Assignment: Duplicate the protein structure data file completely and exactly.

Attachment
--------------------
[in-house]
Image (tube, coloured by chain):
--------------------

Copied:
[in-house]
Image (tube, coloured by chain):